July 19, 2009
Good morning. My name is Autumn Labbé-Renault. I’m a UUCD member and executive director of the non-profit organization Davis Media Access, home of KDRT 95.7 FM, our community’s low-power radio station. I’ve been asked to share a bit about my involvement in starting and sustaining KDRT, or as I like to call it, “the little radio station that could.”
In the year 2000, I’d been working at what was then called Davis Community Television for about 4 years. I was starting to feel restless and in need of a new challenge. I’d barely identified this feeling when my co-worker Jeff Shaw came to a staff meeting and said, “guys, there’s an opportunity to apply for a license for a low-power radio station for Davis. We’d need the board to approve, and I’m not really sure exactly what it would entail, but…what do you think?”
I quickly learned that low-power FM was a special class of radio –stations of 100 watts or less--created to fill the void in local content left when all the corporate media companies consolidated under ever-larger umbrellas. It made sense to go for it & try to round out the kinds of grassroots media opportunities we could make available to Davis.
The process was slow, but we were one of a handful of lucky organizations around the country. In Feb. 2003, we received a construction permit in the mail. That gave us 18 months to physically build a station, learn everything we needed to know about operating it, develop programming, and get the community on board. No problem! We embarked on a wild race to the finish line, and on Sept. 24, 2004, KDRT went live. KDRT – K DIRT – Where the Grassroots Grow.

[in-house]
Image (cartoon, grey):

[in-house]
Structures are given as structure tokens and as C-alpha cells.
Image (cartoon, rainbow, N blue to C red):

I joke now, but it was an intensive period of work involving a steep learning curve. It also remains one of the most uplifting and rewarding things I’ve ever been a part of. KDRT is nothing if not one huge collective effort. 95 percent of what goes into making this station vibrant is accomplished by volunteers who share their time, talent and energy. If that sounds familiar, it’s just one of the many commonalities between grassroots media and UU. KDRT’s mission and values espouse social equality, diversity and public participation, along with providing a voice and an outlet for those who might otherwise be denied media access. And, it’s free!
That’s really the key here: in general, mainstream media doesn’t care about small stories or big ideas if they’re not sensational or fear inducing, or profitable. They don’t want to know about the good work that non-profits, teachers, parents, local businesses and volunteers do; or the ways in which artists, musicians, writers and ministers shape our community. They don’t want to hear what kids think—I mean, really, what they think. They give lip service to those who are differently abled, sexually diverse or just see life through a less conventional lens. They’re not about empowering people with new skills.
But KDRT is about all this and more. I’ve heard 8-year-olds interviewing tree-sitting activists, senior citizens sharing their music collections & musical knowledge, local business people talking about our downtown, and teenagers debating appropriate uses of technology, or musicians getting valuable air time & exposure. On any given day in a small studio at the media center on Fifth Street, people share their knowledge & their passion in myriad ways. They say radio is the voice of a community. I like to think of KDRT as the chorus, its many voices part of an intricate arrangement.
I feel both called and privileged to do this work. It’s joyful. It’s also filled with challenges--survival seems to be a refrain. Last year we almost lost our ability to broadcast when a large commercial station moved into town and wanted KDRT’s frequency. That story has been well documented and so I’ll end here by saying that I look forward to celebrating 5 years on the air this fall, and I’ll ask YOU how you might become involved or how we can help you reach out to the community. I invite you to visit kdrt.org or to speak to me in the hall afterwards. Thank you.